Oxford University’s Net Zero Climate group provides the following definitions:
- Net zero: greenhouse gases going into the atmosphere are balanced by removal out of the atmosphere
- Zero emissions and Absolute Zero: no greenhouse gases are released
- Negative emissions: removal of more emissions than are released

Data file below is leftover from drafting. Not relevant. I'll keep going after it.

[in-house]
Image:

- ‘Carbon neutral’ is an internationally recognised standard (PAS 2060) covering the methodology for greenhouse gas accounting, coverage, and offsetting. Under this standard, carbon neutral is defined as a period of time in which there has been no net increase in the global emission of greenhouse gases to the atmosphere as a result of the greenhouse gas emissions associated with the subject during the same period’. Carbon neutral is generally speaking a less ambitious standard than net zero. Under this standard, carbon neutral can be differentiated from net zero in terms of its scope, boundary, ambition, and offsetting. Carbon neutral here refers to Scope 1 and Scope 2 emissions, but does not necessarily cover Scope 3 emissions, and can be confined to just a single product or service, rather than a whole company’s emissions. Additionally, under this standard, there is no requirement for the carbon neutrality to be compliant with a 1.5 degree Paris-aligned goal, nor does it require the same stringent treatment of offsets as net zero.